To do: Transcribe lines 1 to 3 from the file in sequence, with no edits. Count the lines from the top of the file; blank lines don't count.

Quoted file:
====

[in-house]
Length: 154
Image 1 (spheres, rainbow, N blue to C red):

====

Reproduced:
[in-house]
Length: 154
Image 1 (spheres, rainbow, N blue to C red):